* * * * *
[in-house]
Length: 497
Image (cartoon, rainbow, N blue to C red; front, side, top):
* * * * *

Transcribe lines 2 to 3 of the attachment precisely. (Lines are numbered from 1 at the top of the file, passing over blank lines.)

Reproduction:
Length: 497
Image (cartoon, rainbow, N blue to C red; front, side, top):